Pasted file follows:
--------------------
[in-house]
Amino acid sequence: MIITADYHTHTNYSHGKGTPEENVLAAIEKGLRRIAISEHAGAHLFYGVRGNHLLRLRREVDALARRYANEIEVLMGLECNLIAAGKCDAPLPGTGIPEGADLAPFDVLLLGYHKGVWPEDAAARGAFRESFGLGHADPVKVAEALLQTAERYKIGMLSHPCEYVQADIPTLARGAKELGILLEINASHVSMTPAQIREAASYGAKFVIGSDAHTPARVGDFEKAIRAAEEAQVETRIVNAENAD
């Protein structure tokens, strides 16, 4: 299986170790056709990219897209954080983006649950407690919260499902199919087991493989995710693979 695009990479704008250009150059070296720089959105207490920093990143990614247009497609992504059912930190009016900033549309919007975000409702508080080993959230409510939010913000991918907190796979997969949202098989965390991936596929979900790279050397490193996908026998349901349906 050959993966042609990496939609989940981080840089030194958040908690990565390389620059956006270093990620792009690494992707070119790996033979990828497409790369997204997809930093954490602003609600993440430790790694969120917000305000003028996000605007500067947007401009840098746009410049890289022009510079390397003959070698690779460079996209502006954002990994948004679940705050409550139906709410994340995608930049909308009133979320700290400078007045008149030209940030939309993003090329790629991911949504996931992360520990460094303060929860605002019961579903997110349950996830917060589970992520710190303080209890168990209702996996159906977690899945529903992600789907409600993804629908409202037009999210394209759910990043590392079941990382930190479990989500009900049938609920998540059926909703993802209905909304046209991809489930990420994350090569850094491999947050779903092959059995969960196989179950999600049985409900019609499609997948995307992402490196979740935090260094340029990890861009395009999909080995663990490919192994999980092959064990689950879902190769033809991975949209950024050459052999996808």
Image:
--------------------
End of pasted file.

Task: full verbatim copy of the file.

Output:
[in-house]
Amino acid sequence: MIITADYHTHTNYSHGKGTPEENVLAAIEKGLRRIAISEHAGAHLFYGVRGNHLLRLRREVDALARRYANEIEVLMGLECNLIAAGKCDAPLPGTGIPEGADLAPFDVLLLGYHKGVWPEDAAARGAFRESFGLGHADPVKVAEALLQTAERYKIGMLSHPCEYVQADIPTLARGAKELGILLEINASHVSMTPAQIREAASYGAKFVIGSDAHTPARVGDFEKAIRAAEEAQVETRIVNAENAD
């Protein structure tokens, strides 16, 4: 299986170790056709990219897209954080983006649950407690919260499902199919087991493989995710693979 695009990479704008250009150059070296720089959105207490920093990143990614247009497609992504059912930190009016900033549309919007975000409702508080080993959230409510939010913000991918907190796979997969949202098989965390991936596929979900790279050397490193996908026998349901349906 050959993966042609990496939609989940981080840089030194958040908690990565390389620059956006270093990620792009690494992707070119790996033979990828497409790369997204997809930093954490602003609600993440430790790694969120917000305000003028996000605007500067947007401009840098746009410049890289022009510079390397003959070698690779460079996209502006954002990994948004679940705050409550139906709410994340995608930049909308009133979320700290400078007045008149030209940030939309993003090329790629991911949504996931992360520990460094303060929860605002019961579903997110349950996830917060589970992520710190303080209890168990209702996996159906977690899945529903992600789907409600993804629908409202037009999210394209759910990043590392079941990382930190479990989500009900049938609920998540059926909703993802209905909304046209991809489930990420994350090569850094491999947050779903092959059995969960196989179950999600049985409900019609499609997948995307992402490196979740935090260094340029990890861009395009999909080995663990490919192994999980092959064990689950879902190769033809991975949209950024050459052999996808």
Image: